The objective of this proposal is to clarify the process by which cutaneous contact with reactive haptens leads to activation of the immune system by developing in assays that will employ epidermal Langerhans cells (LC) to study the requirements for, and factors influencing the, activation and proliferation of unprimed and primed, hapten-specific T lymphocytes at the clonal level. A major working hypothesis is that activation of an unprimed T cell population by relevant antigen presenting cells (APC) will define the frequency of T cell precursors for a given set of antigens, thus providing a measure of immunogenicity as well as APC efficacy.
The specific aims are: 1) To develop an in vitro model of contact hypersensitivity (CH) using clonal activation of unprimed T cells by hapten-conjugated LC in which the principal methodology is limiting dilution microculture of T cells from peripheral lymph nodes and spleens of nonsensitized mice stimulated at clonal levels by syngeneic LC conjugated to DNFB or to FITC. 2) To identify the antigens in CH to DNFB and FITC by analyzing the proliferative T cell precursor frequencies that result from cocultures of LC and unprimed T cells in which hapten is provided in conjugated form to either LC, keratinocytes, cell membrane preparations, or specific proteins. 3) To define mechanisms of processing and presentation of immunogenic forms of haptens by LC using: immunofluorescence microscopy and FACS analysis to track routing of antigen within LC, inhibition of sequential steps in antigen processing, and antigen presentation-blocking experiments using mAb against specific accessory molecules. 4) To characterize the T cell clones that proliferate following primary and secondary activation in vitro based on surface phenotype, lymphokine synthesis, antigen and APC requirements, accessory needs for growth and activation, and the capacity to induce or suppress CH when adoptively transferred into naive animals. If successful, these in vitro assays will serve as prototypes for the development of similar tests in humans to screen for, and assess the effects of, contact sensitizers.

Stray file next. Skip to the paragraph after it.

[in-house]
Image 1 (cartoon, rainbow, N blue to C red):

National Institute of Health (NIH)
National Institute of Allergy and Infectious Diseases (NIAID)
First Independent Research Support & Transition (FIRST) Awards (R29)
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General Medicine A Subcommittee 2 (GMA)
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University of Texas Sw Medical Center Dallas
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